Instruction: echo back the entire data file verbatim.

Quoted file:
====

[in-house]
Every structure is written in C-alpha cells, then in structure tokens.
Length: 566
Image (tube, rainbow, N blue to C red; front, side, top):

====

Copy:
[in-house]
Every structure is written in C-alpha cells, then in structure tokens.
Length: 566
Image (tube, rainbow, N blue to C red; front, side, top):